I don’t have Alzheimer’s, and I’m not directly a caregiver for someone who does have it, however, Alzheimer's is something that runs in my family. In the 21 years of me being alive, I have seen this disease affect 6 of my family members. Three of the six have passed away, and the other three are in all different stages of this disease.

Being so young and seeing what this disease has done and what it is currently doing to my family isn't easy. There are days that I get so angry about what this disease has done to my loved ones that all I want to do is scream. There are days that I get so upset that all I want to do is cry. And There are days that I find myself asking "why does this have to happen to my family?"  I know that I am not the only one who feels these emotions, I know that it is okay to have these feelings, but I also know that feeling this way all the time isn't healthy. Which is why when I catch myself having those thoughts and feelings, I take a deep breath and remember what my loved ones with Alzheimer's have taught me.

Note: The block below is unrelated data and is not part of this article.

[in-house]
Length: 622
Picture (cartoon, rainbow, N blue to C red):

They have taught me:

  • Feeling bad for people with Alzheimer's doesn't do anything for anyone. It doesn't make anyone happier, it doesn't help anyone remember any more than they already can, and it doesn't make the disease go away. These are all reasons why feeling bad for an individual with Alzheimer's isn't helpful, but let me tell you what is helpful: remembering that individuals with Alzheimer's still have feelings, thoughts, and personalities. Just because their memories are fading doesn't mean they are any less of a person.
  • Not every day is going to be a good day. Meaning that there are going to be days where an individual with Alzheimer's may be more forgetful, cranky, or upset, but that can be said for anyone. We just have the ability to mask those emotions better since our brain isn't producing plaques and tangles. Try your best to remember that the next time you start feeling sad or angry when your loved one is having a rough day.

I hope that what this disease has taught me will be helpful to some of you who have the same feelings about this disease as I do.

Carissa Porcaro

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